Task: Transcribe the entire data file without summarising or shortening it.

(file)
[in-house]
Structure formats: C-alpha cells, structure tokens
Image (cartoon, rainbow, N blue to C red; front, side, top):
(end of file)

[in-house]
Structure formats: C-alpha cells, structure tokens
Image (cartoon, rainbow, N blue to C red; front, side, top):